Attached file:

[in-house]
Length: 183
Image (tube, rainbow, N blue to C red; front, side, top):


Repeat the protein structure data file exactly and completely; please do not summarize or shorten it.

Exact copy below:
[in-house]
Length: 183
Image (tube, rainbow, N blue to C red; front, side, top):